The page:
The final cut of the 9th episode of the Tesla Motors Club Podcast, featuring Chad Schwitters, the former president of Plug In America, is now available. You can watch it now on YouTube or listen to it on all major podcast networks.
The peak charging rate of the Battery may decrease slightly after a large number of DC Fast Charging sessions, such as those at Superchargers. To ensure maximum driving range and Battery safety, the Battery charge rate is decreased when the Battery is too cold, when the Battery’s charge is nearly full, and when the Battery conditions change with usage and age. These changes in the condition of the Battery are driven by battery physics and may increase the total Supercharging duration by a few minutes over time
I'm just conjecturing, but CHADEMO runs much slower than the Supercharger so it's probably not as bad/noticeable as compared to supercharging 150kWh/day everyday. Having said that, I'm not sure if it's worth a $400 CHADEMO adaptor unless you live in a condo/apartment and can't charge at home.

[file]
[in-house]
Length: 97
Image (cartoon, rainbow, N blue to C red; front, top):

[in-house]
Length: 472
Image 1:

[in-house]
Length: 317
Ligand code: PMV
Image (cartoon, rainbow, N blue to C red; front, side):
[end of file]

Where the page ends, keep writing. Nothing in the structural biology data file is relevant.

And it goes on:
I agree with jcanoe... I'm not an expert, but I've only heard the factors that degrade battery life (maximum State of Charge) over time are: high temps (like battery preheating for supercharging), keeping the battery long term at very high or low State of Charge (%), and charging/discharging faster than 1C (1C is ~77kW for a model Y).
Bjorn Nyland had a good video on it here:
. His observation is that a majority DC-charged car had 6% max SoC degradation but a majority AC-charged car had 4%. But not exactly controlled variables nor a large sample size. The deciding factor in the video I think was probably high C + Supercharger preheating rather than DC vs AC.
For optimizing battery life on a model Y, 50kW on a CHAdeMO is probably the second best option for charging, only a 72kW Urban Supercharger is better. Free CHAdeMO are rare, I've only ever seen them on ElectrifyAmerica stations, where the $/mi ends up being close to gas. Use it! lol. Just charge only what you need to get to the next charger and a safety buffer, to keep near 50% SoC.